"Coach saw how (Maragos) developed as a leader after going to UTC," McMahan said. "He knew he would sell them on the benefits of the camp and what it would do for them as a college player and their role as leaders on the team."

UTC is a ministry within AIA. McMahan said the camp has had stunning results in developing leadership within those ministries.

"I know next year we are going to have a much bigger group from our campus to go to UTC, just because of the week that it's going to fall within our schedule here at the UA," McMahan said. "We had several more that were committed to go, but it overlapped into summer school. It just didn't work as far as schedule logistics for a lot of our athletes. Jonathan Williams had to pull out at the last minute."

McMahan said the intensity of the physical aspect of the camp is incredible.

"The Bible study leads up to an actual 20 hours of athletic competition," McMahan said. "It's designed to break down elite athletes so that at some point their bodies shut down. Some of the things they'll put you through are continuous crab walks, wall sits and a run up a mountain road with a 2x4 on your back. You will shut down. They would have carried me away on a stretcher.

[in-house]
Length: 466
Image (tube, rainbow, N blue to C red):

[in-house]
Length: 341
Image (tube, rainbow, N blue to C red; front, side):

"I know the four we took are going to do incredible things as far as leadership within our athletic department and what others are going to see in them will help send a lot more to UTC next summer. All four said it was the most difficult thing they'd ever done as an athlete."

The testimony from the athletes is powerful. McMahan smiles as he relays it. He said he knew it would be a great week, but difficult. He said he didn't tell them how difficult for fear of scaring some off. Here's a sample of Mitchel's writing on Facebook after returning from UTC:

"I've never been in so much pain and hurt so much in my life until I came to this camp in Colorado. (There was) 20 hours of competition against 19 other teams and it was not easy. The whole point was to get everyone to bring God closer in their life when things get hard. I've learned that I cannot do anything without Christ.

"I also learned that whenever your playing your sport that you love you have to think about God and know that he's the only audience you need, no one else. The people in the stands do not matter, only God. Bring him into your game and have him get you through tough times but do not only call him when you're weak and can't go on any further, talk to God when things are good and constantly communicate with him like you do on the field, court or even swimming pool.